Welcome to the fifty-fourth issue of The LTO Best Practices. Each month, the Learning & Teaching Office will be spotlighting a timely topic in education. This March, our topic is "Course Redesign."
Check out our page of Teaching Tips handouts for more downloadable documents on a variety of teaching topics.
For more information on course redesign, and for the citations for the research cited in this newsletter, download our Teaching Tips document on Course Redesign [pdf].
There can be many reasons to undergo a program of course redesign, and the process can take on many forms, from work being done by an individual instructor, to a systematic process being undertaken by a team of instructional designers. Reasons for course redesign that have appeared in the literature include:
The process of course redesign takes the form of either “a series of stages or steps (forward or backward) or a cycle of revision” (Nomme & Birol, 2014). One basic example of a model for the course redesign process is the four-step cycle developed by Wiles & Bondi:
Another model for course redesign is integrated course design. This model follows a backward cycle, focusing on individual lessons and units of instruction, integrated course design considers the “multifaceted realities of the designer's situational context” (Allen & Tanner, 2007). It also emphasizes “forward-looking assessment”—focusing on “the types of evidence-gathering strategies that incorporate knowledge and skills that people use outside of school” (Allen & Tanner, 2007).
This model, developed by L. Dee Fink, has three phases: building strong primary components, assembling the components into a coherent whole, and completing the final remaining tasks.
Key to any course redesign process is the selection of an appropriate framework with which to measure student understanding. This framework will be used to align learning outcomes for the course with the most appropriate instructional strategies and the most effective assessment methods. One popular framework for measuring student understanding is Bloom’s Taxonomy of Educational Objectives.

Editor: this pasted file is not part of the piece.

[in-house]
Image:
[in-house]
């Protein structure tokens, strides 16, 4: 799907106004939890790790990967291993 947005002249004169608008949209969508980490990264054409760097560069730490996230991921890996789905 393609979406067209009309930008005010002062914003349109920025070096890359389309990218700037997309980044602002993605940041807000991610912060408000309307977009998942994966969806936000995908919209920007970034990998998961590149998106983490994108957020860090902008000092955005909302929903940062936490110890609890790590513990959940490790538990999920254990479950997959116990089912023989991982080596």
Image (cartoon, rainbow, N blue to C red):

Fink’s integrated course design model uses his own “Taxonomy of Significant Learning,” in which, unlike the hierarchy of Bloom's Taxonomy, the "elements of the taxonomy overlap, interacting and stimulating one another" (Allen & Tanner, 2007):
Taxonomy of significant learning (Fink, 2003)
Foundational knowledge—the facts, terms, formulas, concepts, principles, etc. that one understands and remembers
Application—using critical, creative, and practical (decision-making, problem-solving) skills
Integration—making connections among ideas, subjects, and people
Human dimensions—learning about and changing one's self; interacting with others
Caring—identifying and changing one's feelings, values, and interests
Learning how to learn—becoming a better, self-directed learner; learning to ask and answer questions
"The LTO Best Practices" is produced monthly by Michelle Schwartz, Research Associate at The Learning & Teaching Office of Ryerson University.
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